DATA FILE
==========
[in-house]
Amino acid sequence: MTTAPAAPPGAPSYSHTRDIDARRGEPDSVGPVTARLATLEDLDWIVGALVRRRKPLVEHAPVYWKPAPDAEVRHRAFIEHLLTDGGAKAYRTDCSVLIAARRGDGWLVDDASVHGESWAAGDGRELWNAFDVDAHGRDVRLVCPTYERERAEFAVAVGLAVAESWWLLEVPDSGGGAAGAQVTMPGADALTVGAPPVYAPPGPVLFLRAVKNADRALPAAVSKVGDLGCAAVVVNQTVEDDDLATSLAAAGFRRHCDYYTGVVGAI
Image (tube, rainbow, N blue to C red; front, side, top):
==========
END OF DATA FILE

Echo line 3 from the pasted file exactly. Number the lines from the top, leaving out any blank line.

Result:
Image (tube, rainbow, N blue to C red; front, side, top):